Even I you don’t have the chance to see this super-cool house that’s built into a waterfall, your child can still learn about it and make a Fallingwater inspired nature activity. Before I begin with the activity steps, here’s a little background on this piece of architecture (you can give your child whatever facts you figure are age-appropriate and share pictures of the place if visiting it just isn’t in the cards):
· Was designed by architect Frank Lloyd Wright in 1935 for department store owner Edgar J. Kaufmann. It is located in a wooded, mountain area of Western Pennsylvania.
· Was a retreat for the Kaufmann’s to get out of the city and relax.
· Is set into the natural surroundings. Wright used the setting to create an organic piece of architecture that actually sits on the edge of a waterfall. The surrounding stone works with the home, coming in and serving as part of the structure.
· Still has the original (Wright-designed) furnishings in it.
· Is made from stone, glass, concrete and metal.
For more information, check out Fallingwater’s official website.
Show your child a picture or two of this amazing piece if architecture, letting g her tell you what she sees. If she doesn’t mention it, point out that the home is set into the natural surroundings.
Now it’s time to explore with building and nature! While your older child might want to try making a mini model of Fallingwater, your young artist can explore and experiment with a nature-based building box. This is a totally open discovery-oriented process. Your child doesn’t have to build “something”. Instead, encourage her to play with the natural items, trying to solve this problem:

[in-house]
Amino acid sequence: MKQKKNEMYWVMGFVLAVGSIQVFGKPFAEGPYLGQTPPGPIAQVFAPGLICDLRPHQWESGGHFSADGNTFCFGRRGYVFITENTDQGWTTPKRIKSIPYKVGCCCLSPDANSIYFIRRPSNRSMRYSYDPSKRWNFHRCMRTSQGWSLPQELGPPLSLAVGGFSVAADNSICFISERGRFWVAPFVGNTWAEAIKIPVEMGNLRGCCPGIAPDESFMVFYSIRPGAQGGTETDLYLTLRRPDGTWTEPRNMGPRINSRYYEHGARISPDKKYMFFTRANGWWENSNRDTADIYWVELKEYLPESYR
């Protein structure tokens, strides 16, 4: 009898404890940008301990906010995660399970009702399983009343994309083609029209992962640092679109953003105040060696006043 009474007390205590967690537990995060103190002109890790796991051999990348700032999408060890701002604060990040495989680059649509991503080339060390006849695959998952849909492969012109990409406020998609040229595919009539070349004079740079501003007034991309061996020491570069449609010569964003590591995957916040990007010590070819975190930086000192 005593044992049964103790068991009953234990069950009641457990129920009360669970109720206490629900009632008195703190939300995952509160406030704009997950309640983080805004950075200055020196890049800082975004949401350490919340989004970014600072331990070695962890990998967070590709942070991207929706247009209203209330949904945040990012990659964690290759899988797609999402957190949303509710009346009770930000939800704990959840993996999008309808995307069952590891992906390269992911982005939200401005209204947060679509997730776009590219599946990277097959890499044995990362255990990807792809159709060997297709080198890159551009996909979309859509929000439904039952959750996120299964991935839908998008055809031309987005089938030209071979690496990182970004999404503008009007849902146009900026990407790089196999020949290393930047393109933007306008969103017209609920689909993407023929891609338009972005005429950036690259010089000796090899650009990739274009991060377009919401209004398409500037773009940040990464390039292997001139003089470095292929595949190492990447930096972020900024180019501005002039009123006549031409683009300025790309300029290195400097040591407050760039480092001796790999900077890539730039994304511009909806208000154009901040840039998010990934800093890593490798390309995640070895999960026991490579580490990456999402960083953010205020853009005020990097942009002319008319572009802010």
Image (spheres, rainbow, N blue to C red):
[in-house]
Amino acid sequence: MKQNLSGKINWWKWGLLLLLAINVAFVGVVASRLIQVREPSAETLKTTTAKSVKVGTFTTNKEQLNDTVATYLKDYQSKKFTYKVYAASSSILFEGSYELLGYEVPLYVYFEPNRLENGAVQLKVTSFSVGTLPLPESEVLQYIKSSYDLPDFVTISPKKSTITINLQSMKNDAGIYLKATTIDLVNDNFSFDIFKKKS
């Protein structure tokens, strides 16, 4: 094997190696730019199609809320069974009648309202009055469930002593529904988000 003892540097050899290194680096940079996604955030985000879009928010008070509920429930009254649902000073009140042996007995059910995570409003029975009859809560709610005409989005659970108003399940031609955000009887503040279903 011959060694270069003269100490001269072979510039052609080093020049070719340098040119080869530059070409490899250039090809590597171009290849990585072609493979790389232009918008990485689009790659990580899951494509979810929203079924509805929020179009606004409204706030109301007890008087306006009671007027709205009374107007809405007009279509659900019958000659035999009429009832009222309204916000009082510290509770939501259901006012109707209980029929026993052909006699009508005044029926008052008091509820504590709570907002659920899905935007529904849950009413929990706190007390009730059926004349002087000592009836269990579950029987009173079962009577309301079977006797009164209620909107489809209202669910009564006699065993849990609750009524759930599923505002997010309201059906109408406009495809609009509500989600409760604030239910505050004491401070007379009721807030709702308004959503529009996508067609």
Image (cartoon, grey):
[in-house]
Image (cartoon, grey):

“How can you use what’s in the box to make a building?”
Here’s What You’ll Need:
· An empty cardboard box
· Rocks or stones
· Plant-based items such as grass clippings, leaves, stems or petals
· A shallow foil or plastic pan
There’s no right or wrong way to do this activity. You may also want to add in other nature-based materials or even some reused items such as smaller cardboard boxes or plastic water bottles). Use the shallow pan as a base to catch any water that your child might want to add. She can also keep her architecture activity in the box as she builds it. If your child is struggling to get started, some ways to use the materials include:
Making a mortar-like “glue” by mixing dirt and water (in other words – mud).
Stacking the rocks.
Building a “green” roof using plant parts.
Using twigs to make a rook or terrace.
Keep in mind that this activity is inspired by Fallingwater and the harmony with nature that it represents. Your awesome little architect doesn’t need to make a replica of the real thing or even a building that looks like an actual house. Your child can build and re-build with her architecture play kit. Snap a picture and print it out so that she can remember (and talk about) what she built if she disassembles it.
Are you looking for more art activities for your child to try? Follow my Pinterest board for ideas!Follow Mini Monets and Mommies's board Creative Kids Crafts on Pinterest.